White Scars Chapter Tactics weren’t nearly as useful as they were in the practice games, and the components that were useful weren’t the same. My Jink save rarely mattered – when I was hit with AP 3- weapons, it was either in assault or also had Ignores Cover. Hammer of Wrath failed to cause damage in pretty much every situation, accounting for maybe 1 wound per game on average (if that). Hit & Run was rarely used (maybe 1-2 times per game) and it failed at the most useful time of the tournament during round 2. However, I abused not-Skilled Rider liberally, using it almost every turn with every squad. The high concentration of terrain combined with the fact that LVO rules you can bust through ruin “walls” means the added mobility was exceptionally useful. It was the most reliable way to guarantee my alpha strike and keep my rather limited number of bikes safe.

Things I Learned / Need to Remember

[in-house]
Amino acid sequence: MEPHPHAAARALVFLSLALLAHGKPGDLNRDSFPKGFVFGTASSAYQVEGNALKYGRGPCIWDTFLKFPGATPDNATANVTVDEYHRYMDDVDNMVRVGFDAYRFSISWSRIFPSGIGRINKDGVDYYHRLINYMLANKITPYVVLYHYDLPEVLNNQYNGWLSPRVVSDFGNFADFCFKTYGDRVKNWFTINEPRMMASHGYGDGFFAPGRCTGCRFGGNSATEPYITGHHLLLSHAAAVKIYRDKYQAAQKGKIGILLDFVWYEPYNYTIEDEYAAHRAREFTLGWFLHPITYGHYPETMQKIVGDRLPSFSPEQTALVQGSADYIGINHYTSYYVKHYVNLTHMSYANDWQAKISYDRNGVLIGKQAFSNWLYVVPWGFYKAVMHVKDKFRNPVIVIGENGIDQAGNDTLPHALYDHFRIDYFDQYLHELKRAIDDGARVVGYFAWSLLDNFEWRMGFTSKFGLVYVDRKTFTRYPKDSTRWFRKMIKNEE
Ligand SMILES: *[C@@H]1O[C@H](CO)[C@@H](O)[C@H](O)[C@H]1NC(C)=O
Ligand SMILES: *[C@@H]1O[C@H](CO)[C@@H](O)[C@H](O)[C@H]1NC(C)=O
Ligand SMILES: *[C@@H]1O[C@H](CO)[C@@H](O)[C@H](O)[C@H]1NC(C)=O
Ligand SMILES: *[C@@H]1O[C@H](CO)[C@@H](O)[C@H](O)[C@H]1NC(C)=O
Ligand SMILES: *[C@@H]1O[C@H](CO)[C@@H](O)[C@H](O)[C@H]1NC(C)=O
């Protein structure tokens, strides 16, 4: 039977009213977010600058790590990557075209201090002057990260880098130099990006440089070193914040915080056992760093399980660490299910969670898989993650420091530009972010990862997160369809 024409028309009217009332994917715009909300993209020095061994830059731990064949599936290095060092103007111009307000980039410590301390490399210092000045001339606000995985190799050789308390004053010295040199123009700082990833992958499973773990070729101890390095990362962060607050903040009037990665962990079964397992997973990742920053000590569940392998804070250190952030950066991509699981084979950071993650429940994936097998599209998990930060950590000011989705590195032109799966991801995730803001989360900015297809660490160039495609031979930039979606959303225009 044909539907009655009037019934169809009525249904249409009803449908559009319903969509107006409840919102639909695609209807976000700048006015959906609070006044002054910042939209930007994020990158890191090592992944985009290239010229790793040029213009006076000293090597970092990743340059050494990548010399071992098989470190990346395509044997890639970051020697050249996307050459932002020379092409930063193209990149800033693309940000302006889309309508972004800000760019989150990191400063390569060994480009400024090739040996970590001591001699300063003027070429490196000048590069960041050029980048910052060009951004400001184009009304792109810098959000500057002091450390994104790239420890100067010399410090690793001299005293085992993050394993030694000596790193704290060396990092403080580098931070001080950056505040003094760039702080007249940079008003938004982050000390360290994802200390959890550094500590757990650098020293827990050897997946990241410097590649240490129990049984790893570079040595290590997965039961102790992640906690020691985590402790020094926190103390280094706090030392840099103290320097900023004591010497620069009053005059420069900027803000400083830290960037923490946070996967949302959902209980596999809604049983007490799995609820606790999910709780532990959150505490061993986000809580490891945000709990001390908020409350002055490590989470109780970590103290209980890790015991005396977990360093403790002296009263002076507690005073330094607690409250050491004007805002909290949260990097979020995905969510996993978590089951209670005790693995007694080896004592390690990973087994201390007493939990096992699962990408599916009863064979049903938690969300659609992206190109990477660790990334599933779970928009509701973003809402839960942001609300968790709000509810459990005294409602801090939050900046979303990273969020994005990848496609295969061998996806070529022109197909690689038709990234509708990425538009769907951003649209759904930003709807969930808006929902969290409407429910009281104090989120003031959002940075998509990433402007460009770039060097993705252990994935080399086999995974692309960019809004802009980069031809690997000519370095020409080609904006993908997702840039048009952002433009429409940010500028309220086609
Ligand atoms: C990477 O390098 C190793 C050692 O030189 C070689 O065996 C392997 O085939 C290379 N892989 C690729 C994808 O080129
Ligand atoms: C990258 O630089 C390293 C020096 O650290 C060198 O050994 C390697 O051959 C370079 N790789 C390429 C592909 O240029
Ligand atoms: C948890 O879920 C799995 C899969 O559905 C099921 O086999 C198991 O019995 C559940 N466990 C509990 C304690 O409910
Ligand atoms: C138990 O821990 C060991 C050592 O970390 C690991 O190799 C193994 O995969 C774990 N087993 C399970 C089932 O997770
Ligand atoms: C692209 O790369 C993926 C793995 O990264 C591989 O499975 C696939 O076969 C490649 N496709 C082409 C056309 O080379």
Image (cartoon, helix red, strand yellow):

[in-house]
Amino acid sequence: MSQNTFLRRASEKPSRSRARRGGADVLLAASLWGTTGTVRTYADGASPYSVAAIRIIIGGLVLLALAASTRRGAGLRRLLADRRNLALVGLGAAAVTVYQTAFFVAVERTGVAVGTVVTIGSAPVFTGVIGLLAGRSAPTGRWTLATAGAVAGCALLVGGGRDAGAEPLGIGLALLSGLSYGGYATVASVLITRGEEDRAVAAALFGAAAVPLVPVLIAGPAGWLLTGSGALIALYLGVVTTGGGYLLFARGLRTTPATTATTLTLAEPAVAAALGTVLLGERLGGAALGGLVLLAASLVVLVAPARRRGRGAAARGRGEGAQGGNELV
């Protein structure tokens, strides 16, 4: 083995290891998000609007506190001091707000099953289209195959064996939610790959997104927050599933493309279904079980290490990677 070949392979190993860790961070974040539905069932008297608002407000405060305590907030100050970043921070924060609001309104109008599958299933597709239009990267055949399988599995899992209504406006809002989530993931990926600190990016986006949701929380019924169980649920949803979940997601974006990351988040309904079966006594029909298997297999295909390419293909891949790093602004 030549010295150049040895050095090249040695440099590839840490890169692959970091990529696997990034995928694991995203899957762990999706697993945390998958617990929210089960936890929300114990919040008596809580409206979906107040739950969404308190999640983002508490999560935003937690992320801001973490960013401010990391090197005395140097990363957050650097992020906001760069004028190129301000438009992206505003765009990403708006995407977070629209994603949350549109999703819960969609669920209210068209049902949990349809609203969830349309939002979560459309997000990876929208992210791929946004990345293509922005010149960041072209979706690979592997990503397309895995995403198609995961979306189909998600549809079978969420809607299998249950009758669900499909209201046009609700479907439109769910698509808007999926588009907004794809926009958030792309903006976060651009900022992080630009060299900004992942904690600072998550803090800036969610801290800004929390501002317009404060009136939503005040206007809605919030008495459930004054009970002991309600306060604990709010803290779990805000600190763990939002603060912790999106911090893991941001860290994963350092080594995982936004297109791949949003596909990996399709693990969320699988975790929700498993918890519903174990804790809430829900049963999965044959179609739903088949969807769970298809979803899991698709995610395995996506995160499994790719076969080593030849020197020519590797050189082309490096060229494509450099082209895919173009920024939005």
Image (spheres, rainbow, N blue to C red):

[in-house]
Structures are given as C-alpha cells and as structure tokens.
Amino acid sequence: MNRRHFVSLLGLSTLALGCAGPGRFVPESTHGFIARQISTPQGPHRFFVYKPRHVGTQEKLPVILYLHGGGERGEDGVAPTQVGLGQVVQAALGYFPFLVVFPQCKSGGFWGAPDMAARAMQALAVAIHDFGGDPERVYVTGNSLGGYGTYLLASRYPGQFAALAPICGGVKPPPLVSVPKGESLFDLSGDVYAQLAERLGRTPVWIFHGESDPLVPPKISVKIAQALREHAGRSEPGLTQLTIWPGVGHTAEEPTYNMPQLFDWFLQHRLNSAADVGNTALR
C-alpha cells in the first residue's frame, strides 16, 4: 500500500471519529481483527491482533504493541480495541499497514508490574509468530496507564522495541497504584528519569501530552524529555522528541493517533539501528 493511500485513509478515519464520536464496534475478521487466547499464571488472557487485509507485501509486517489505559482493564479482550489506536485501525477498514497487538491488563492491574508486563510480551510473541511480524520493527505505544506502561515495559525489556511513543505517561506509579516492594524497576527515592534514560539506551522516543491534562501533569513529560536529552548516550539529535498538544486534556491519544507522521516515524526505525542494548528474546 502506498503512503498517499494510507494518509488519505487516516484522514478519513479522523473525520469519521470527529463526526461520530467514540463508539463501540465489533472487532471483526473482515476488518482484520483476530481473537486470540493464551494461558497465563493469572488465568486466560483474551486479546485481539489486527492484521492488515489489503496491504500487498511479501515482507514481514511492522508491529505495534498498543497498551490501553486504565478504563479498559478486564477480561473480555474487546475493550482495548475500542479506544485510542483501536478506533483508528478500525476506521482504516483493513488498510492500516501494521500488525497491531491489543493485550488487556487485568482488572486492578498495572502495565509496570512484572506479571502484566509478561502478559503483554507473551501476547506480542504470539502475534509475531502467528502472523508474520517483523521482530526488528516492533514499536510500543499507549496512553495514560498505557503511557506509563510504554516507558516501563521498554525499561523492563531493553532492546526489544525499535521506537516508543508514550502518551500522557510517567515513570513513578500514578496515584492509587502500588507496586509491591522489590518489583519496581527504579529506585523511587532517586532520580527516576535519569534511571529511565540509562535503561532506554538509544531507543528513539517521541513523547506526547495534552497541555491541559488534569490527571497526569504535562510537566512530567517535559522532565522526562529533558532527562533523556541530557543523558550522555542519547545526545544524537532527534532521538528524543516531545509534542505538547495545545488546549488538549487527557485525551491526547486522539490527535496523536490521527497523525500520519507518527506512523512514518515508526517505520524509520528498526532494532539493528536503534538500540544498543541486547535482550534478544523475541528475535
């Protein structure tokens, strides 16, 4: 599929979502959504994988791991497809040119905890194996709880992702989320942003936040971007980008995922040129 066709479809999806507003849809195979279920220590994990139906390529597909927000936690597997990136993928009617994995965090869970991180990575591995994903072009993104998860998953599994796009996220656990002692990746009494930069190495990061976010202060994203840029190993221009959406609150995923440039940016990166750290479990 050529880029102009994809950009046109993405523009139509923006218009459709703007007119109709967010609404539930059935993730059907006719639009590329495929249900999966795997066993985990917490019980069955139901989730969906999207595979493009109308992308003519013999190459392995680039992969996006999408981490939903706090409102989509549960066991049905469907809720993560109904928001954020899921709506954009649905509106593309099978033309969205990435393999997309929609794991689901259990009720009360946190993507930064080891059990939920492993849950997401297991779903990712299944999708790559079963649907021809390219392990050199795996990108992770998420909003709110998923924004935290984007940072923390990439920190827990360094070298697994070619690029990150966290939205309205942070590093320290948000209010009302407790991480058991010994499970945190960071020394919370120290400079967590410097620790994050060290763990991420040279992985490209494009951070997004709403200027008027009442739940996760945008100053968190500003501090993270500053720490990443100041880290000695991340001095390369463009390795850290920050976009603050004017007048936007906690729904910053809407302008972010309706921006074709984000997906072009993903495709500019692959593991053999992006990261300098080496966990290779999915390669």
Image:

Sometimes I forgot that the Centurions can’t fire Overwatch, which is kind of a big deal, but I remembered it by the time it mattered in any game. I’ve been treating the Thunderfire Cannon as much, much weaker than it really is. First, I forgot it automatically causes Pinning. I never made an opponent make a Pinning test, and only my first opponent had Fearless units I was hitting. Second, I didn’t read how the Barrage rules worked well enough, and missed that on a hit you are allowed to reposition the template – until my opponent in round 4, I was playing it as the template was stuck where it was on a hit. I didn’t know about directing attacks in assault against specific units, either.

I really need to remember all of my special rules. I kept forgetting about the assault moves of the Tau units, and the Split Fire of the Centurions. I also need to remember that Supporting Fire allows the Broadsides to Overwatch against anything assaulting any of my units within 6”, not just other Tau units. And Grav-amps. I need to remember Grav-amps.